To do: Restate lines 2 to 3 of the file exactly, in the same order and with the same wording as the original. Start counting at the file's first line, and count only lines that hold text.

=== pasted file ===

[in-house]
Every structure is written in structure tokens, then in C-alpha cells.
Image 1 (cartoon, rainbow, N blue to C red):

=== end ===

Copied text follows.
Every structure is written in structure tokens, then in C-alpha cells.
Image 1 (cartoon, rainbow, N blue to C red):